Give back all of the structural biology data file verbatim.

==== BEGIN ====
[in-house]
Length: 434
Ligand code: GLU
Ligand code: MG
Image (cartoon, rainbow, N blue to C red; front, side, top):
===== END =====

[in-house]
Length: 434
Ligand code: GLU
Ligand code: MG
Image (cartoon, rainbow, N blue to C red; front, side, top):